At any rate, I didn’t have any luck for a long time and finally saw some on Craig’s that were in great shape and decently priced, fully functional, etc. So I got em. Loved ‘em. For several weeks. Then I stumbled upon these other ones. The cabinets and cloth grilles were probably in better shape than the other ones, but these needed new foam around the woofers and one tweeter didn’t work. And $25! I probably could have gotten them for $10 but I knew the lady doing the sale.

At any rate, I took them home, reformed them and (because I am electronically illiterate) had the tweeter fixed (just a cheap electronic component), actually at the aforementioned Hawthorne Stereo. I took them home, hooked them up, and. . .they sounded the same as the other ones. Meaning excellent. L-O-V-E. And here they’ve sat for these few months.

See, even though they’re virtually identical, I kept the cheap ones because they mean more to me since I snagged them for cheap and fixed them (mostly) myself. They’re my “find”. And I love that! I found them by chance just sitting in some guy’s basement at his estate sale, probably forgotten for 20 years, but still in good condition. It’s just not the same as buying them all ready to go that someone is selling to make money at. Plus I got the satisfaction of bringing them bad to life (mostly) myself.

I wouldn’t say they’re my favorites. I have a pair of Smaller Advents that I adore, partly because they were the first classic speaker I bought and refurbished (at an estate sale for $25!) and I love the sound and the design which is far more interesting than the big ones. And there are my bought-new 1980 Genesis’ that I think sound better in most respects, besides being my oldest pair. But these are in my home office and I probably listen to them more than the others just because I’m in here more often. And I can listen to them for hours without getting tired of them (that can happen, btw).

So remember that next time you see some old object at a Goodwill or a garage sale or something. Ask the owner about it. He or she will more often than not probably have a good story to tell you about it, and if you buy it, you’ll have become part of the object’s history.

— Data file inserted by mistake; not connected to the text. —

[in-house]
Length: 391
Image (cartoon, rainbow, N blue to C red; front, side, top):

December 9, 2014


Filed under: Rome — acagle @ 8:37 pm

Archaeologists in Rome Find Remains of Ancient Farm with Tools, Leather Fragments, and Peach Pits

The remains of a first-century commercial farm, near what had been the center of ancient Rome, has been uncovered by archaeologists taking advantage of subway construction, reports The Associated Press.

A team of researchers led by Rossella Rea, a culture ministry official, has discovered an ancient agricultural business that includes an extensive drainage system and an irrigation basin.

Other remains of the farm include an iron pitchfork, leather fragments that might have been from a farm worker’s glove or shoe, and even “well-preserved vestiges of willow and other tree roots and stumps.”

There isn’t much there, but I wanted to link this to remind me to look for it in the future.

But remember, cancer didn’t start until civilization

Filed under: Public Health — acagle @ 8:34 pm

Isn’t this old news? Scientists find ancient case of human cancer in man who died 4,500 years ago

A group of researchers, including a Saskatchewan scientist, have found what may be the oldest case of human cancer in the world.

Bones of a man exhumed in Siberia that date back 4,500 years to the Early Bronze Age show he had lung or prostate cancer, which eventually spread through his body from his hip to his head. He died between 35 and 45 years old.

“This is one of — if not the oldest — absolute cases of cancer that we can be really, really confident saying that it’s cancer,” said Angela Lieverse, a bioarchaeologist at the University of Saskatchewan in Saskatoon.

I vaguely recall this from a couple of months ago. You can read the original paper here.

This quote in particular:

“We’ve had this perception that it was almost non-existent in antiquity, because people didn’t live the same kind of lifestyle that we live now. They lived in these pure, toxin-free environments and they were very active and ate natural foods,” she said.

“But it was more common than we like to think it was.”